Ireland's 2013 poultry production higher, exports strengthen
Outlook for Republic's poultry sector in 2014 remains positive
Poultry production in the Republic of Ireland is thought to have grown slightly in 2013 to stand at 127,000 tons, figures from the European Commission suggest. While turkey production declined, and duck remained stable, this was offset by higher broiler output.
Retail sales of fresh chicken in the country over the 52 weeks to November 10th, however, are recorded as being 3 percent lower.
The Irish food board, Bord Bia, notes that while a competitive market continued for poultry in 2013, poultry exports saw an improvement in prices and volumes.
Poultry exports up
Poultry exports grew by 4 percent over the year to reach EUR220 million (USD299 million). The sector's performance was ahead of that for pig meat, but lagged behind that of beef, which saw exports rise by 10 percent. Overall, Ireland's meat and livestock exports are thought to have grown by 8 percent in 2013.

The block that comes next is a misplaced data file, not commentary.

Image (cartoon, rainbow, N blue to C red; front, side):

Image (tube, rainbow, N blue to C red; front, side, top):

The UK remains the largest export destination for Irish food and drink exports, accounting for 42 percent of the total, but for the poultry industry its importance is even greater. For chicken exports, the value of trade was largely unchanged in 2013, as stronger exports of processed poultry helped offset lower fresh and frozen volumes. Exports of poultry meat to the UK for the year were estimated at Euro 190 million, some 83 percent of the total.
Looking to 2014, Bord Bia notes that the prospects for meat and livestock remain broadly positive, with relatively tight supplies for most species and strong global prices.